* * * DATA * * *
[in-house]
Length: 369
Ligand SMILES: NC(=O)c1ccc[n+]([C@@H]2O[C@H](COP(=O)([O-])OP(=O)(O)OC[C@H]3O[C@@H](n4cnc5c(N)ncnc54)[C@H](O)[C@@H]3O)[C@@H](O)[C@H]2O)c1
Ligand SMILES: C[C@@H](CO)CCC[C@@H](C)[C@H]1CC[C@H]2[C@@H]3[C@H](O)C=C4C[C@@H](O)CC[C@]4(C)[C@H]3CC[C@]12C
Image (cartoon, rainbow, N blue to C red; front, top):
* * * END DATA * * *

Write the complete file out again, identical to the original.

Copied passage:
[in-house]
Length: 369
Ligand SMILES: NC(=O)c1ccc[n+]([C@@H]2O[C@H](COP(=O)([O-])OP(=O)(O)OC[C@H]3O[C@@H](n4cnc5c(N)ncnc54)[C@H](O)[C@@H]3O)[C@@H](O)[C@H]2O)c1
Ligand SMILES: C[C@@H](CO)CCC[C@@H](C)[C@H]1CC[C@H]2[C@@H]3[C@H](O)C=C4C[C@@H](O)CC[C@]4(C)[C@H]3CC[C@]12C
Image (cartoon, rainbow, N blue to C red; front, top):